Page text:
Carved between the mountains thousands of years ago by the Manawatū River, and immersed in native bush, a visit to Te Āpiti - Manawatū Gorge is rich in cultural history and legends. Come face-to-face with the sculpture of Whātonga, the ancient Māori Warrior who has been immortalised in a six-metre tall sculpture along one of the many walking tracks. The feature walk is 11.2km taking you high above the river with panoramic views, and also winds its way through native bush filled with birdsong. If you’re after a shorter loop option, there’s the 4km Tawa Loop option as well, from the Ashhurst end of the track.
Whisk yourself off to our little slice of paradise. Escape to the country and wake up to views of beautiful rolling countryside at Ridge Top Farm Glamping or Makoura Lodge. Help feed the animals at Rangitīkei Farmstay, or soak in the outdoor bathtub at The Last Church in Āpiti or cedar spa at Rathmoy Estate - you’ll truly feel the spirit of Manawatū.
This beautiful walking and biking pathway gives you a taste of Palmerston North’s surroundings: its rivers, streams, dairy farms, pā sites, military camp, and forests. The He Ara Kotahi Bridge is designed to resemble a karaka tree (which once grew in groves in the area) and connects the town with the educational centres over the river, as a safe and beautiful way to avoid highway traffic. Along the path, check out what a sustainably-run university dairy farm looks like at Dairy 1 Farm, or maybe you’d like to cross Greenwoods Bridge to the raised boardwalk above a canopy of native forest. The 45m Kahuterawa swing bridge connects to Linton Military Camp (keep an ear out for the gun range here). All along the way, you may spot wildlife: species such as karearea (New Zealand falcon), herons, kereru, pheasants, and gecko frequent the surrounds. For a map and more information see here.
Palmerston North’s central city has in recent years become a vibrant scene of stunning street art and edgy murals. Street art festivals have literally left their marks around the town – with imagery from light and cheerful to heavy and provocative taking on local themes. Pick up a free map from the Palmerston North City i-SITE and take yourself on a tour of these artworks, many by accomplished street artists. Look out for a large-scale mural of Āpirana Ngata, Edmund Hillary, and Kate Sheppard by well-known artist Graham Hoete. The alleyway Berryman’s Lane is one formerly bland strip that has been transformed into a mural-lined masterpiece packed with colour and culture.
Take a gentle drift by raft down the beautiful Rangitīkei River, to have lunch in a mystical boulder garden in the forest: the Whitecliffs Boulders. These giant “cannonball concretions” formed millions of years ago when chemical reactions took place involving river sediments and debris. Now, they look like moss-covered marbles from giants, scattered among the trees, and are truly a wonder to explore. Book with Awastone.
Experiencing the market vibe of Feilding Farmer’s Market is a wonderful way to begin a Friday morning. Set in a cobblestone quadrant amongst heritage buildings, from 8.30am it’s bursting with fresh produce, artisan delicacies, fresh-cut flowers, seedlings, great coffee, music, and it’s a great opportunity to meet some local growers and makers. At 11am, head over to take your $10 guided tour of the Feilding Saleyards, one of the largest saleyards in the Southern Hemisphere. You’ll experience the buzz of the sheep and cattle auctions (15,000 sheep and 1400 head of cattle are sold per week!) and learn about the history of livestock selling that goes back to the 1800s. That evening, go for dinner at The Strong Room – this place has a very cool vibe, and the food and service are second to none. Book a table because it’s very popular.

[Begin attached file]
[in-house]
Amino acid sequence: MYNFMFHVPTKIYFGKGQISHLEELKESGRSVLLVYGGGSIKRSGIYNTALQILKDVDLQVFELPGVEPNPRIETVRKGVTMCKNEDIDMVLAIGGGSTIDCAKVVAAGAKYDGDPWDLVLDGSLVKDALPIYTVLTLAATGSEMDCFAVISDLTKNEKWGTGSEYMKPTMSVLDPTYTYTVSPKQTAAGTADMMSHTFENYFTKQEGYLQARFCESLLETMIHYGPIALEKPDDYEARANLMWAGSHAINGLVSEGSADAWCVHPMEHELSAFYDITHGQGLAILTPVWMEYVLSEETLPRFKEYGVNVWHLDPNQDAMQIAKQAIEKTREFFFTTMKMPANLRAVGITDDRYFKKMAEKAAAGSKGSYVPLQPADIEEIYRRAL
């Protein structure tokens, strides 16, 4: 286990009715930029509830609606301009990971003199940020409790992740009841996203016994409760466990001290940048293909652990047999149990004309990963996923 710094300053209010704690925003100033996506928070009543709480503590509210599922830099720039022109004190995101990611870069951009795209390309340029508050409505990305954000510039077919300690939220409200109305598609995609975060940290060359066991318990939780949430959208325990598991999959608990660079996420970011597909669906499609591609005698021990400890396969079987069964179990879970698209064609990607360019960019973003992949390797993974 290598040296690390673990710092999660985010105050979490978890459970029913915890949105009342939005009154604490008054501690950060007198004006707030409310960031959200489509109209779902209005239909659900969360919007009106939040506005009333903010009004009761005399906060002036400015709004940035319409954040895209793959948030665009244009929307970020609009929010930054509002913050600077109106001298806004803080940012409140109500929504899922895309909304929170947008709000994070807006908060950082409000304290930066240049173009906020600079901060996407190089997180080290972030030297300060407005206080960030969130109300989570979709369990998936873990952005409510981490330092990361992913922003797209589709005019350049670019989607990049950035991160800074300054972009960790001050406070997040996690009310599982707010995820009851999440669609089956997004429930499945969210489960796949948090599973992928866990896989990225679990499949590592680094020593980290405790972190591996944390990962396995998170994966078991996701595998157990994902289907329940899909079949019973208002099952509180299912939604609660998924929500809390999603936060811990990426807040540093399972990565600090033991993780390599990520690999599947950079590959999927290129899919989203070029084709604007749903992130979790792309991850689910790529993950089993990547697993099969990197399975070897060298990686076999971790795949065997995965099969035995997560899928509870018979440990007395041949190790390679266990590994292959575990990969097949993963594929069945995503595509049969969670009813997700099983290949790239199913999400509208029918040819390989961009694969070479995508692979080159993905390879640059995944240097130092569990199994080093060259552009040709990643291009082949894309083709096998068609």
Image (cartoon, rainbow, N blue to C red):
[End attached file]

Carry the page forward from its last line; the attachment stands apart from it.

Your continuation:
The track to these triangle-shaped spectacular caves near Āpiti begins in a gully surrounded by tall rock walls covered in green moss and ferns. Take shoes that you don’t mind getting wet because this hidden marvel involves a 600-metre adventure through caves, gorges, and across a running stream. The main cave is absolutely filled with glow worms, and while you can see them during the day, they’re best seen at dusk.
For well-maintained trails through regenerating forest, head south of Palmerston North for these 30km of amazing mixed trails. There’s lots of downhill too for those that like fast flow, as well as a paid shuttle to get you up on top. The trails themselves are free to use but an online donation to help with maintenance is always appreciated by the club.
This world-class conservation centre is a beautiful place for injured or sick wildlife to recover – it is where you can get up close to baby tuatara, albatross, penguins, and other native wildlife while they are nursed back to health, in enclosures filled with greenery and water features. There are also resident birds and tuatara that are there full-time. The knowledgeable and friendly volunteers can take you through and teach you about the animals in each enclosure. Many of the wildlife patients have received treatment from the Massey University Wildbase Hospital. What’s more, it’s free of charge to visit and has a specially designed interactive education centre for the kiddos to enjoy as they learn.
Head to Mangaweka for some laid back rafting action with Awastone. For the more cautious, the Papa Gorge or Sandstone Gorge trips, lasting an hour or two, are a great introduction to rafting in a beautiful area with lots of rapids, rock fossil areas and swimming pools. For something a bit different head to the whitecliff boulders by raft – and cement them as adventurers for life! There are also specialist sit-on-top kayak lessons available, with guides providing gear and instruction before taking paddlers out on the rapids.